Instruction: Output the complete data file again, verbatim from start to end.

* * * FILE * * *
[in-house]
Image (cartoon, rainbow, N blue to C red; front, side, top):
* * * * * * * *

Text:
[in-house]
Image (cartoon, rainbow, N blue to C red; front, side, top):